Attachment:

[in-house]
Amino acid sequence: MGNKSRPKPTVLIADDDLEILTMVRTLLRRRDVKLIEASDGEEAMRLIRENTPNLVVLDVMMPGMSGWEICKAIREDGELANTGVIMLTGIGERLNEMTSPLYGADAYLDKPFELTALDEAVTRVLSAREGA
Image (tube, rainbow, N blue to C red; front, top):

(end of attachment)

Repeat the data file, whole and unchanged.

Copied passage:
[in-house]
Amino acid sequence: MGNKSRPKPTVLIADDDLEILTMVRTLLRRRDVKLIEASDGEEAMRLIRENTPNLVVLDVMMPGMSGWEICKAIREDGELANTGVIMLTGIGERLNEMTSPLYGADAYLDKPFELTALDEAVTRVLSAREGA
Image (tube, rainbow, N blue to C red; front, top):